Direct Tax Code a significant reform?
The first version of Direct Tax Code (DTC) which was released for public debate in August 2009 had raised great hopes. The Bill that has now been introduced in Parliament drowned most of them.Updated: Sep 04, 2010 14:59 IST
The first version of Direct Tax Code (DTC) which was released for public debate in August 2009 had raised great hopes. The Bill that has now been introduced in Parliament drowned most of them.
Surely, DTC itself makes a difference. It has given an opportunity to the tax payer to be consulted, will ensure a longer life to the tax structure and along with GST, will make February 28 a non-event. Tax structure will be stable and therefore predictable.
The original proposal was to raise the highest income slab to 25,00,000 rupees at which the highest tax rate of 30 per cent becomes applicable. That has been brought down to 10,00,000 rupees. Rates are the same -- income slab at all levels have been slashed. India's own experience has established that lower tax liability invites better tax compliance and increases tax revenue.
The government has raised the exemption limit which will benefit the lower and middle classes. Further, EEE will make tax system investor friendly though the amount of investment (provident fund and life insurance) is limited to 150,000 rupees.
The corporate sector will pay a uniform 30 percent tax. With a lower tax the government would have lost revenue at least in the next two or three years. But the originally proposed 25 percent tax would have made all the difference to the development climate.
Corporate growth would have jumped and with that taxable profits. It is precisely the reduction in tax rates that has made corporate tax the highest revenue yielding tax in recent years.
Both domestic companies and foreign companies will pay the same rate of tax, with branches of foreign companies paying an additional 15 per cent. Dividend distribution tax continues though it implies double taxation of profits. Mutual Funds will however pay only 5 per cent on distributed dividends.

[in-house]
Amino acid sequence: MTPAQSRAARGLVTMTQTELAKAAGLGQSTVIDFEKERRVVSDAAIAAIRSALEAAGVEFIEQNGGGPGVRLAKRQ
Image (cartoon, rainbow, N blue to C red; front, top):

The DTC Bill has made a rational change in MAT. Originally the tax was suggested to be based on assets of the company. That would have been highly unfair to capital incentive industries. The DTC Bill has reverted back to income base with increase in tax rate to 20 per cent. The income based concessions to industries in SEZs will continue till 2014 prolonging revenue loss.
The original proposal of withdrawing STT has been abandoned bringing back the present position. Long term capital gains from equity will continue to be exempt from tax.
Taken together, there is not much of reform in the content of the DTC Bill. It carries forward the present tax structure with a few changes mostly in respect of personal taxation. Even so, it has been estimated by the Ministry that in 2012-13 when the Code becomes effective there would be a notional loss of 531 billion rupees or about 1 per cent in the total revenue from direct taxes.
Apparently, the government has been driven by short term revenue considerations and reversed all major changes in the tax structure. The only benefit of DTC is that the tax system will be stable and free from the annual tampering by the finance ministers.